In the mid-nineties, I had the good fortune to meet Muhammad Ali during a book signing at a Barnes & Noble, where I worked at for about a year and a half. It was a remarkable afternoon where I played the role of the champ's body man—making sure no one got too pushy or lingered too long. I was there to keep the line moving, which I did just fine, but for myself, I was there to be next to “The Greatest.”
After the signing ended, Ali stuck around for photo ops with the staff. When it was my turn, Ali looked at me and my shaven to the bone dome and said, “You look like Earnie Shavers,” before placing his massive mitt on the top of my skull. I probably levitated a bit at that moment.
If only in jest, Muhammad Ali compared me to the greatest heavyweight boxer never to win a title belt. In fact, over an extraordinary career that began in 1969 and ended in 1995 (touching four different decades), Shavers only got two title shots—losing to Ali by unanimous decision in a fifteen-round tilt in September of '77 and going down by TKO in the 11th to Larry Holmes in September of '79.
Shavers' calling card was pure punching power. He could hurt you with both hands and with any punch. In those two title fights, he hurt Ali badly in the 2nd and floored Holmes in the 7th. Shavers' power was legendary. When George Foreman was asked about Shavers in an interview, he replied, “I never fought Earnie Shavers,” and then he added, “Thank goodness.”
It's long been forgotten now, but Shavers was an early contender to play Clubber Lang in Rocky III. While he didn't get the role because Stallone and company thought Shavers' voice was too high, Sly did spar with Shavers. Realizing that Shavers was taking it easy on him, Stallone called Shavers out, saying, “C'mon Earnie, show me something real.” Earnie obliged with a shot to the liver that immediately ended the session, disabling Stallone so badly that he thought he was going to die. Luckily for Sly, he survived that body shot, even if he had to grip the porcelain god and vomit into it after taking one hard blow from the vaunted right hand of Earnie Shavers.
It should be noted that Shavers was a solid boxer too. He once injured his right hand against Henry Clark and then found a way to win the bout by almost exclusively using nothing other than his jab.
Over his 26-year career, Shavers compiled an astonishing record of 74-14-1. Think of that: in the most physically punishing division in the sport, Shavers fought a whopping 89 times. For comparison, Oleksandr Usyk has fought twenty times and is 35 years old. Fighters of Shavers' era were made of sterner stuff. Hell, Shavers fought a stupefying 17 times in 1971 alone.
Of his 74 wins, an amazing 68 ended by knockout. Of those 68 KOs, 41 of them occurred in either the first or second round—a mind-boggling statistic. Shavers holds victories over former champions Vincente Rondon, Ken Norton, and Jimmy Ellis. Unfortunately, none of those victories came when a member of that trio owned a title belt.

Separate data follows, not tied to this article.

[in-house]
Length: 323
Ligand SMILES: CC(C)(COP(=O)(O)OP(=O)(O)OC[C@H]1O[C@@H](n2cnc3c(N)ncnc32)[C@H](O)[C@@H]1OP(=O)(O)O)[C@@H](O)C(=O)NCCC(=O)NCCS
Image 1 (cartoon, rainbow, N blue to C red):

Due to his extraordinary punching power, Shavers got, shall we say, “avoided” over much of his career. That, along with a somewhat suspect chin (that played a part in those 14 losses), probably kept Shavers from fighting for a world title more often.
And, of course, he fought at a time when the division had giants walking the earth. Ali, Liston, Foreman, Frazier, and Holmes made up the top tier during Shavers' long run through the sport, but even the second tier of competition was loaded back then. The aforementioned Norton, and Ellis, along with fighters like Jimmy Young, Ron Lyle, Jerry Quarry, Joe Bugner, George Chuvalo, Ernie Terrell, and Oscar Bonavena, all fought during this almost mythical era. To win the heavyweight title back then, you had to fight through a gauntlet of first-class contenders just to get a shot. As great as Shavers was, the fact that he only got two title shots tells you everything you need to know about what a magical period for heavyweight boxing that stretch of time was.
It is exceedingly difficult for me to imagine any other era of heavyweight boxing where Shavers wouldn't have held a world title belt at some point—even during the last golden age of the heavyweights, which included Lennox Lewis, Evander Holyfield, Riddick Bowe, and Mike Tyson. Lewis and Bowe would have probably been the toughest of that foursome for Shavers, just due to their size. But Lewis was susceptible to surprise knockouts (hello Oliver McCall and Hasim Rahman), Bowe was once floored by Holyfield, Evander himself was open to taking punishment, and Mike Tyson had a hard time with anyone he could not intimidate.
Shavers might not have been the favorite against any member of that fearsome foursome (although I'm almost certain he would have beaten Tyson), but no one would have called you a fool if you placed your money on Shavers were it possible for any of those contests to have taken place.
That, along with Bowe's early fade and Tyson's prison sentence, would have created other opportunities for Shavers to lift a title belt over his head. Alas, that little adventure in thought is nothing more than that. Shavers fought when he did, and despite a high level of talent and hands as heavy as anvils, Shavers never broke through. That simple truth has relegated Shavers to the level of fascinating footnote or folk hero instead of a champion.
At any other point in boxing history, that would not have been the case. Shavers would have tasted championship glory and likely been a lock for the Hall of Fame. He was simply born at the wrong time.
Earnie Shavers died yesterday. He was 78 years old.